Tales of a Woman Coach; “Our breasts won’t atrophy and our vaginas won’t fall out.” (part 2)


Part 2

Men and women often ask me, “Where are all the women coaches?” In cities and suburbs across the United States, winter evenings echo with the orchestra of girls’ basketball games and spring weekends pound with the pace and sweat of hundreds, if not thousands, of girls in ponytails, racing up and down hardwood floors. Everyone wants to know—where do all these girls go? Why don’t they coach? The way the question is phrased to me often implies that it is a fault of our gender. But we do coach. Or, at the very least in my experience, we try.

“Our sporting culture still does not accept aggressive women, [and] she has, once again, become a cheerleader to the very game we have raised her to play.”

It took a long time, but as a society we have finally accepted that women can run marathons and play a full game of soccer. Our breasts won’t atrophy and our vaginas won’t fall out, as male critics had warned when Katherine Switzer became the first woman to don a bib in the Boston Marathon in 1967. We have won dunking contests, sold out the hallowed Rose Bowl. Yet, up until Becky Hammon, there were exactly zero women working as coaches for the 122 teams playing in the NBA, MLB, NHL, and NFL. Here in a nation we claim as world leaders in democratic progress, women still cannot sit on the bench in male sports because of some spiritual chokehold it has on an age-old definition of manhood in America.

Let’s say for the sake of argument that we’re not going to touch the sacred grounds on which male American sports walk—God forbid!—and look only at women’s sports. Back in 1972, 90 percent of all women’s college teams were coached by women. Yet, when the NCAA became the governing body for both men and women college athletics and acceptance and cash came into women’s sports, male coaches wanted a slice of the pie all of a sudden. By 1992, the percent of women’s teams coached by women had fallen to 72. By 2014, the number stood at a heartbreaking 39.6 percent. In more than ten years of coaching, I can count on my fingers the number of women coaches I have coached against.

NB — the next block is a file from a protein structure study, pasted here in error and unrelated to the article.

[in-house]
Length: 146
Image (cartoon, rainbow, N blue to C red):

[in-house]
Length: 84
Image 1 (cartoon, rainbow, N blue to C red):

Let me say here that I do not believe women are by nature better coaches for girls than men. Far from it. I welcome men in our sport. I believe that men and women have a lot to offer sports of each gender. I have seen incredible male coaches transform average girl players into state champions. My own basketball career, too, was filled with wonderful men who taught me everything from a hesitation-cross to a step-back jumper.

Yet, by and large, the coaches who most taught me the lessons we are supposed to learn from sports—the coaches who taught me how to grow up and become a woman—were, well, women.

Like boys, girls are constantly on the lookout for someone like ourselves, some mature, successful versions of who we want to be. Yet our sporting culture is chasing women coaches out of our own game, depriving our aspiring girls of the same strong, positive role models that are a birthright for so many boys who play sports.

The first basketball camp I ever attended was in Cerritos, California. I was in the fifth-grade, a fresh-faced, twig-like immigrant girl with a short haircut; so with my gifted athleticism, I was mistaken for a boy. I was picked second for teams, right behind an agile black boy who sported Michael Jordan gear from head to toe. The male counselors gave us high-fives and fist-pumps; the two of us received a sort of praise — and with that a status — that I had not enjoyed up until then. But when my father came and told the counselors I was a girl, I found out just how short-lived my fame was, how conditional on my gender. For two days, I was somebody. And then I was not.